If you go in to a pub in Glasgow and see an item at the foot of the menu saying A Glasgow Salad.
Do not for one moment think this is a beautiful concoction of fruit and veg lovingly dressed and prepared for healthy consumption.
Glasgow working class tradition, dictates that we don’t do salad.
Our diet is historically influenced by tough working conditions and terrible weather, giving the need to eat carbs for energy or stay warm.
Salad? No chance!
A Glasgow Salad is a plate of chips .. Or as you may know them fries .. not to be confused with crisps, which come from bags in the supermarket.
We really are an unhealthy lot, heart attack capital of the world, but it’s changing, we are improving, it takes time, generations for the old to die out to be replaced by a more educated youth.
As a bhoy in Glasgow, we were poor .. Not going to blab on about it, but 5 boys, mum and dad all living in one bedroom apartment with no indoor toilet facilities is barbaric by today’s standards.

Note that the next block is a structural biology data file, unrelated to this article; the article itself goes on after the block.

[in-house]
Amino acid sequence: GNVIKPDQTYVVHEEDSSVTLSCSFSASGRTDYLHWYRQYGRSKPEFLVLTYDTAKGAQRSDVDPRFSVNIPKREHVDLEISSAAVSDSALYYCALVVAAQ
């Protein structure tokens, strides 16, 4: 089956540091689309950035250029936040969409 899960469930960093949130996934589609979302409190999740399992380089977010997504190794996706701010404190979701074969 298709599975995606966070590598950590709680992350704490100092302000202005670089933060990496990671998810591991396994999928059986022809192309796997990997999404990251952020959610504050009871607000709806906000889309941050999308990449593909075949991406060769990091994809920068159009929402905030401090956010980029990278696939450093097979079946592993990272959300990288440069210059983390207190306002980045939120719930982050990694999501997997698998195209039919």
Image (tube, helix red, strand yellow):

Food was mainly the Scottish traditions of mince and tatties, stovies, or in the summer, chips and corn beef.
We didn’t need no stinking salad!
Well occasionally, my dad would have salad, Lettuce, tomato, onions, carrots and maybe some ham or a boiled egg .. And no dressing in sight.
Definitely not exciting in a gastronomic sense!
But things change .. Not only do our tastes change, but the availability of food from other parts of the world, influenced by people who have migrated to our city has improved the choice significantly.
Take today lunch .. Pictured above .. A delicious combination of Moroccan chickpeas, noodles, sweet potato and coleslaw.
We would never had that when I was a kid, it wasn’t even available then and is so much more nutritious than the traditional working mans lunch of a fish supper from the chippy.
I spent lunch with a Sikh colleague of mine, just the two of us, so I took the opportunity to ask about the traditional Sikh five articles of faith and if had any difficulties getting his Kirpan through airport security on his weekly commute from London.
Like us Scot’s he still holds to his Punjabi traditions but embraces the culture he lives with, loves a beer and wants to go to see Celtic play in The Champions League.
I love that, celebrating the old and embracing the new.
Like my lunch, Glasgow really is a great big melting pot.